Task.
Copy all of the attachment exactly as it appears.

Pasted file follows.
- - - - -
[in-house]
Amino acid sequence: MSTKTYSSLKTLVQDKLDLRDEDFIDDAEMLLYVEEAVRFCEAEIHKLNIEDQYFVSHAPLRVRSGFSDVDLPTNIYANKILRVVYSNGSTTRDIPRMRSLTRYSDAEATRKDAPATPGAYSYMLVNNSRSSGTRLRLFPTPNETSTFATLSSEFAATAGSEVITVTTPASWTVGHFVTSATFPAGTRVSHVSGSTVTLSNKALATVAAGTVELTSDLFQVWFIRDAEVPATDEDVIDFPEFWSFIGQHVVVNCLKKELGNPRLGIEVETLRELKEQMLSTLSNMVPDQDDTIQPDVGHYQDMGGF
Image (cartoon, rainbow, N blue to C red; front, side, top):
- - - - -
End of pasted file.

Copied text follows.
[in-house]
Amino acid sequence: MSTKTYSSLKTLVQDKLDLRDEDFIDDAEMLLYVEEAVRFCEAEIHKLNIEDQYFVSHAPLRVRSGFSDVDLPTNIYANKILRVVYSNGSTTRDIPRMRSLTRYSDAEATRKDAPATPGAYSYMLVNNSRSSGTRLRLFPTPNETSTFATLSSEFAATAGSEVITVTTPASWTVGHFVTSATFPAGTRVSHVSGSTVTLSNKALATVAAGTVELTSDLFQVWFIRDAEVPATDEDVIDFPEFWSFIGQHVVVNCLKKELGNPRLGIEVETLRELKEQMLSTLSNMVPDQDDTIQPDVGHYQDMGGF
Image (cartoon, rainbow, N blue to C red; front, side, top):